Microdiscectomy, also called microlumbar discectomy (MLD), is a very common MIS decompression procedure performed in patients with a symptomatic lumbar herniated disc. The operation consists of removing the portion of the intervertebral disc that is herniated and compressing a spinal nerve root.

Minimally Invasive Cervical Foraminotomy

This is a MIS cervical foraminotomy decompression procedure that enlarges the space in which a spinal nerve root exits the cervical spinal canal (intervertebral foramen). This narrowing can be caused by a herniated disc, bone spurs, thickened ligaments or joints, which may result in pinched nerves.


Vertebroplasty for the treatment of vertebral compression fractures (VCFs) was introduced in the United States in the early 1990s. The procedure is usually done on an outpatient basis, although some patients stay in the hospital overnight. The procedure may be performed with a local anesthetic and intravenous sedation or general anesthesia.

Using x-ray guidance, a small needle containing specially formulated acrylic bone cement is injected into the collapsed vertebra. The cement hardens within minutes, strengthening and stabilizing the fractured vertebra. Most experts believe that pain relief is achieved through mechanical support and stability provided by the bone cement.
Kyphoplasty involves an added procedure performed before the cement is injected into the vertebra. First, two small incisions are made and a probe is placed into the vertebral space where the fracture is located.

The bone is drilled and one balloon (called a bone tamp) is inserted on each side. The two balloons are then inflated with contrast medium (which are visualized using image guidance x-rays) until they expand to the desired height and removed. The spaces created by the balloons are then filled with the cement. Kyphoplasty has the added benefit of restoring height to the spine.

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Cervical Fusion

Cervical Fusion is an operation that creates a solid union between two or more vertebrae in the upper spine (neck) area. This procedure may assist in strengthening and stabilizing the spine and may thereby help to alleviate severe and chronic back pain.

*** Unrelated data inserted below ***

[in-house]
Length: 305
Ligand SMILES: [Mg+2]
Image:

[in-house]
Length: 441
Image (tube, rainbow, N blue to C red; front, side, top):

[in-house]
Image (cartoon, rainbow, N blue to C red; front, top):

The best clinical results are generally achieved in single-level fusion, although fusion at two levels may be performed in properly selected patients.

Bone grafts may be taken from the hip or from another bone in the same patient (autograft) or from a bone bank (allograft). Bone graft extenders and bone morphogenetic proteins (hormones that cause bone to grow inside the body) can also be used to reduce or eliminate the need for bone grafts.

Fusion sometimes involves the use of supplemental hardware (instrumentation) such as plates, screws, and cages. This fusing of the bone graft with the bones of the spine will provide a permanent union between those bones. Once that occurs, the hardware is no longer needed, but most patients prefer to leave the hardware in place rather than go through another surgery to remove it.

Fusion can sometimes be performed via smaller incisions through MIS techniques. The use of advanced fluoroscopy and endoscopy has improved the accuracy of incisions and hardware placement, minimizing tissue trauma while enabling an MIS approach.

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Lumbar Fusion

This is a MIS technique that is performed in patients with refractory mechanical low back and radicular pain associated with spondylolisthesis, degenerative disc disease, and recurrent disc herniation. The procedure is performed from the back (posterior) with the patient on his or her stomach.

Using x-ray guidance, two 2.5-cm incisions are made on either side of the lower back. The muscles are gradually dilated and tubular retractors inserted to allow access to the affected area of the lumbar spine.

The lamina is removed to allow visualization of the nerve roots. The disc material is removed from the spine and replaced with a bone graft and structural support from a cage made of bone, titanium, carbon-fiber, or a polymer, followed by rod and screw placement.

The tubular retractors are removed, allowing the dilated muscles to come back together, and the incisions are closed. This procedure typically takes about 3 to 3 1/2 hours to perform.

Outcome & Benefits

Pioneers of both surgical and non-surgical techniques


Minimally Invasive Spine Surgery

MIS was first performed in the 80s but has recently seen rapid advances. Technological advances have enabled surgeons to expand patient selection and treat an array of spinal disorders, such as degenerative disc disease, herniated disc, fractures, tumors, infections, instability, and deformity.
This can result in quicker recovery, decreased operative blood loss, and speedier patient return to normal function. In some MIS approaches, also called, “keyhole surgeries,” surgeons use a tiny endoscope with a camera on the end, which is inserted through a small incision in the skin. The camera provides surgeons with an inside view, enabling surgical access to the affected area of the spine.

Benefits of Minimally Invasive Surgery